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The Kentucky coffeetree’s tolerance to pollution and a wide range of soils makes it a suitable tree for urban environments. Native to the Midwest, this tree bears leathery, reddish-brown seed pods that add winter interest to the Midwestern landscape. This species is native to the Chicago region according to Swink and Wilhelm’s Plants of the Chicago Region, with updates made according to current research.

  • Family (English) Pea
  • Family (botanic) Fabaceae (formerly Leguminosae)
  • Planting site City parkway, Residential and parks, Restricted sites, Wide median
  • Tree or plant type Tree
  • Foliage Deciduous (seasonally loses leaves)
  • Native locale Chicago area, Illinois, North America
  • Size range Large tree (more than 40 feet)
  • Mature height 60-75 feet
  • Mature width 40-50 feet
  • Light exposure Full sun (6 hrs direct light daily)
  • Hardiness zones Zone 3, Zone 4, Zone 5 (Northern Illinois), Zone 6 (City of Chicago), Zone 7, Zone 8
  • Soil preference Moist, well-drained soil
  • Tolerances Alkaline soil, Dry sites, Occasional drought, Road salt, Wet sites
  • Season of interest late spring, early fall
  • Flower color and fragrance Fragrant, White
  • Shape or form Irregular, Oval
  • Growth rate Slow
  • Transplants well Yes
  • Planting considerations Messy fruit/plant parts
  • Has cultivars Yes

More Information

Native Geographic Location and Habitat

C-Value: 8. Native to the Midwest and often found along streams and in flood plains.

Bark Color and Texture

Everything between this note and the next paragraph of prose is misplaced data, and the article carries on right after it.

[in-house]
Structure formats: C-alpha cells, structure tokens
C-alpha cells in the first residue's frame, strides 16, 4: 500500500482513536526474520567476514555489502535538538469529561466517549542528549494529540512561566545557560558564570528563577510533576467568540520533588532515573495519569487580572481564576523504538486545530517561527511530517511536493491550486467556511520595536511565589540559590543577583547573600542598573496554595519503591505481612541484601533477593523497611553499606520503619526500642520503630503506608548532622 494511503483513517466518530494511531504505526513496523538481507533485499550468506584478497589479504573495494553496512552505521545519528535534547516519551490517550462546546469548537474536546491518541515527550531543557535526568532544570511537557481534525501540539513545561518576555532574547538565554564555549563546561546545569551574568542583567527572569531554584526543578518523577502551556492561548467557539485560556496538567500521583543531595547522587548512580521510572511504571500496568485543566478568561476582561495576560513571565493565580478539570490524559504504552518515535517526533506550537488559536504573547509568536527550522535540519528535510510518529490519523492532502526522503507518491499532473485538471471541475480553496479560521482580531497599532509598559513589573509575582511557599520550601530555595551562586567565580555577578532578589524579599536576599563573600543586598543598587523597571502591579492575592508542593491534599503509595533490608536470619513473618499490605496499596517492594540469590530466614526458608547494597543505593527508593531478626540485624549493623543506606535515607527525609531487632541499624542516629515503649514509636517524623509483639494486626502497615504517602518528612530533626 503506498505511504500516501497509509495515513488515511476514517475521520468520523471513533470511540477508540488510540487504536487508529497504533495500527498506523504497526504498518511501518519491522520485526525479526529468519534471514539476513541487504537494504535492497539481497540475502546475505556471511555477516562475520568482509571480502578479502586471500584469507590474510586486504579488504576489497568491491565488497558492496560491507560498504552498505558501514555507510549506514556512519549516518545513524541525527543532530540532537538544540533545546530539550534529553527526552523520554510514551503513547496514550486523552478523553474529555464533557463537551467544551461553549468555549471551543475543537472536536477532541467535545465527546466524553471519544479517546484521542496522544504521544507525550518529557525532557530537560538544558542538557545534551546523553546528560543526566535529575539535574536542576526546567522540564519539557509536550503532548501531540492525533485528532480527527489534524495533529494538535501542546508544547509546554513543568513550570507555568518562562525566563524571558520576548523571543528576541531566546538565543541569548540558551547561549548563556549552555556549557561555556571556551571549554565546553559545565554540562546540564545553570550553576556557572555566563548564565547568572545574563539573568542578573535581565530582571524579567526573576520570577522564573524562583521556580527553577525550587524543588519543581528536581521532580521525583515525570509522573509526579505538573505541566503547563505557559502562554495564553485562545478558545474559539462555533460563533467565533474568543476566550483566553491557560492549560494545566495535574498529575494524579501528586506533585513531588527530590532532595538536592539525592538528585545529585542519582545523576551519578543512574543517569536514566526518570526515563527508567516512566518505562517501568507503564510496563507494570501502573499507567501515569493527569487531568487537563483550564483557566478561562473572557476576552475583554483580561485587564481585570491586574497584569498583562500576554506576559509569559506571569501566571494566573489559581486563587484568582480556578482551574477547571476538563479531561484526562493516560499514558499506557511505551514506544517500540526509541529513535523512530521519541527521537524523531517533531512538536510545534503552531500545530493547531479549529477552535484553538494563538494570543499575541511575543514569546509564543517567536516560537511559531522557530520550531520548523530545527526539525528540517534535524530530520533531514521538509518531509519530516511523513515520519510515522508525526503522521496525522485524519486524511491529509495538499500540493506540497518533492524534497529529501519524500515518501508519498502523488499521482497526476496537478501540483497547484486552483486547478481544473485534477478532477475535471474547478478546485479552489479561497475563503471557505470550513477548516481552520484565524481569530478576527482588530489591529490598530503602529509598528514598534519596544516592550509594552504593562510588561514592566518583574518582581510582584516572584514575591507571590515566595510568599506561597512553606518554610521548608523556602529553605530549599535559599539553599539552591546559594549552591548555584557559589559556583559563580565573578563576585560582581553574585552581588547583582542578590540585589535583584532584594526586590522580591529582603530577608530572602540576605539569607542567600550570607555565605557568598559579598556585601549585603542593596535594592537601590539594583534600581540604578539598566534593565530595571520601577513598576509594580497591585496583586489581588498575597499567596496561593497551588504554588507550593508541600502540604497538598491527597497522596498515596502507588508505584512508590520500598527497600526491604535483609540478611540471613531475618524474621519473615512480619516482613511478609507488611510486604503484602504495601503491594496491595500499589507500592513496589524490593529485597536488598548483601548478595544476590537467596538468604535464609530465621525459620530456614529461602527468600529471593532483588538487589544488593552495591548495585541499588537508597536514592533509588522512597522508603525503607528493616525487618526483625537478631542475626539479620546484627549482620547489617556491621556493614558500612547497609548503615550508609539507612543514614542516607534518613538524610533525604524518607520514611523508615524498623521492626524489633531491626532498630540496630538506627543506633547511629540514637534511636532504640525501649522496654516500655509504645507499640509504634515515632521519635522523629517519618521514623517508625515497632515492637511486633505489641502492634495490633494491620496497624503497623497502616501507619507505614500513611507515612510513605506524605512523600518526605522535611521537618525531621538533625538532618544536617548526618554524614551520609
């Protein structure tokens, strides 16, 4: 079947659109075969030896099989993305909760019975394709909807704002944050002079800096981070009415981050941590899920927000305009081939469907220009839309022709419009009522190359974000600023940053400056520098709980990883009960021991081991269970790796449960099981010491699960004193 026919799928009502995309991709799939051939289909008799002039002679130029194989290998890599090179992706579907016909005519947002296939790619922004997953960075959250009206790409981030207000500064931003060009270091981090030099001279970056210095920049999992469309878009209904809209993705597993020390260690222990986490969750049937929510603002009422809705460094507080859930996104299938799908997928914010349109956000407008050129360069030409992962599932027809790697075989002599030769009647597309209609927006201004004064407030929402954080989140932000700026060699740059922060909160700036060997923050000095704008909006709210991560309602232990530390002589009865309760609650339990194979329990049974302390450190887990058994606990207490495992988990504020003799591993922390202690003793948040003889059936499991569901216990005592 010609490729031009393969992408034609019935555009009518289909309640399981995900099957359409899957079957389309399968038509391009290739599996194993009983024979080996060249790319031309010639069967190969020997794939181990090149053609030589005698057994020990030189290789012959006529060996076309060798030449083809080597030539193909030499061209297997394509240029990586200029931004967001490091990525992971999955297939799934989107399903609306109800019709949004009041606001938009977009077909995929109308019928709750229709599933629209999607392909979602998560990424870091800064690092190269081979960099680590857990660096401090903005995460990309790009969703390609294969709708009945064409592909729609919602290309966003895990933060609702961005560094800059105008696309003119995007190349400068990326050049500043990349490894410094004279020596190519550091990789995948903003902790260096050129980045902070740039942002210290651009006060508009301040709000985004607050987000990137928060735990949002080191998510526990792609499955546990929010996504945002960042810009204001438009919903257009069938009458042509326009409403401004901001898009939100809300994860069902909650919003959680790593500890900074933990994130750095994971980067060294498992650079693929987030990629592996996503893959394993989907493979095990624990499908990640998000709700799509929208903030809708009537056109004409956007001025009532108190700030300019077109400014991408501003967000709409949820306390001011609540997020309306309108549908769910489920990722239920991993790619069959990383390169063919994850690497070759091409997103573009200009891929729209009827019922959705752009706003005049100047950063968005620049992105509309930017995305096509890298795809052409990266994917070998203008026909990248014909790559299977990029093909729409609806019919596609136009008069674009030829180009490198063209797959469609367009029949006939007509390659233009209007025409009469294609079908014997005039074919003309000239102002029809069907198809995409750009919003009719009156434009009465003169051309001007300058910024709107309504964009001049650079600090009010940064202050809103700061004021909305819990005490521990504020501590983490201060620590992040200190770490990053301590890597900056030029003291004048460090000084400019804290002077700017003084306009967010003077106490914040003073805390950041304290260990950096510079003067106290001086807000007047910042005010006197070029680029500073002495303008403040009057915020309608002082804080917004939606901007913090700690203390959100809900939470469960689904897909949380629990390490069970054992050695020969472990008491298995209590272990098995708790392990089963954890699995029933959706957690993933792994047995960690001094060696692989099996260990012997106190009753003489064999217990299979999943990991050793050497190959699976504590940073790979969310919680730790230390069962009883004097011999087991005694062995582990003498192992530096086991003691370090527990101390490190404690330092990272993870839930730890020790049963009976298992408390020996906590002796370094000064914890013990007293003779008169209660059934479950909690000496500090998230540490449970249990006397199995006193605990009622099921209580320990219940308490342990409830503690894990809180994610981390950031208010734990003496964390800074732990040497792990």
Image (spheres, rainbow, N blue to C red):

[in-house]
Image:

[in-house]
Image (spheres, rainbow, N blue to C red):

Bark is dark brown and rough, becoming scaly with curved edges.

Leaf Arrangement, Size, Shape, Texture, and Color

Leaves are  alternate, bipinnately compound  with numerous leaflets and measure 36 inches in length and 24 inches in width. The lowest set of leaflets is simple. Leaflets are oval with entire margins, blue-green in color and with a mild yellow fall color.

Flower Arrangement, Shape, and Size

Flowers are long, spike-like clusters of greenish-white flowers measuring 8 to 10 inches in length. Male and female flowers are on separate trees.

Fruit, Nut, and Seed Descriptions

Fruits on the female trees are 5 to 10 inch long, red-brown, leathery pods containing a few large rounded seeds. Male trees are seedless.

Care Knowledge

Plant Care

The Kentucky coffeetree should be transplanted to sites with deep, rich, moist soil, although they will tolerate urban soils. Consider male cultivars to avoid messy fruit.

List of Pests, Diseases, Problems, Resistance and Tolerances

No serious pests are associated with this tree. Its leaves and seeds are poisonous, however. It is tolerant of high pH, drought, and pollution.


These plants are cultivars of a species that is native to the Chicago Region according to Swink and Wilhelm’s Plants of the Chicago Region, with updates made according to current research. Cultivars are plants produced in cultivation by selective breeding or via vegetative propagation from wild plants identified to have desirable traits.

Espresso Kentucky coffeetree (Gymnocladus dioicus ‘Espresso’)

Is a male cultivar with arching branches forming a vase-shape.

Prairie Titan® Kentucky coffeetree (Gymnocladus dioicus  ‘J.C McDaniel’):

Another male cultivar with an upright, spreading form.

Skinny Latte Kentucky coffeetree (Gymnocladus dioicus ‘Morton’)

Almost columnar in shape, but slightly wider at the base, this male cultivar matures to 50 feet tall and 15 to 20 feet wide.

Stately Manor Kentucky coffeetree (Gymnocladus dioicus ‘Stately Manor’):

A male cultivar with a more narrow, upright form.


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